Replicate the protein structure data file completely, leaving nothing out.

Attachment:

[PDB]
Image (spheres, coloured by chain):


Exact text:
[PDB]
Image (spheres, coloured by chain):